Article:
In February 1992 I attended a conference near the Toronto airport. The conference was called Ministry 2000, and it took place so long ago that I can’t find anything about it on the Internet. It was one of the first ministry conferences I ever attended.

I just came across the notes. It’s like discovering a Christian ministry time capsule twenty years later.

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It’s interesting to reflect on this conference after a couple of decades. Here are some thoughts.

  1. Conferences are ephemeral. It would be difficult to measure the impact of this conference on my life. I remember only three things about the conference, and I’m not sure that the conference made much of a difference in my ministry. I’m guessing most conferences are like this: good at the time, but it’s very difficult to measure the impact.
  2. People remember what excites you. I can’t remember much of what was said at the conference, but I can clearly remember two things. Bill Hybels got down to business right away about the priority of evangelism, and Bruce Wilkinson was very excited about application in sermons. I have mixed feelings at best about Wilkinson’s talk, but it’s true what D.A. Carson says: people don’t remember what you teach; they remember what excites you.
  3. Things haven’t changed as much as we think they have. Twenty years later, I had a hard time finding anything that doesn’t apply to today, whether on evangelism, cultural analysis, or critique of Christian culture. I’m a little surprised, because this was supposed to be a conference addressing the needs of that day. Perhaps the issues and principles don’t change as much as we think they do.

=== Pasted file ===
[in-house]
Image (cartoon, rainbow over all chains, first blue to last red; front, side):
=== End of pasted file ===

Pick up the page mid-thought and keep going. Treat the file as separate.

4. I paid no attention to the speaker I needed to hear the most. I was shocked to come across notes from a session with Dr. James Boice. For the past decade, I’ve wished I could have heard Dr. Boice before he died. It turns out that I did, but had completely forgotten. Reading over my notes, I think I know why. He had nothing to say that was new. What he said, however, has crucial. He spoke of the priority of the Word and the need to resist the pressure to capitulate to our culture of entertainment:
It’s the Word of God that has the power, along with the Spirit....What new tricks will Paul pull out for these troubled days? What he always had: the Word of God. We don’t regard the Word as highly as we should.

It turns out that the session I remember least is the one that I needed to remember the most. I wish I had paid more heed to one of the least novel ideas expressed at that conference, and one of the most important.

Why You Should Attend #GCA2014

I've spent the week in Orlando. Yes, that itself is nice since I am from Toronto, which has dipped well below the freezing mark this week. The highlight of the week has not been the weather, though. It has been the very helpful, practical teaching of the Global Church Advancement Conference, a training event for church planters.

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If you haven't heard of Global Church Advancement, you're not alone. It's not as well known as some of the bigger conferences out there. I wish I had received this training earlier, but I've received it now, and I'm grateful. They run an annual training event that gives you the nuts and bolts of what needs to take place in planting or revitalizing a church.

Here's why I think this is such an important event: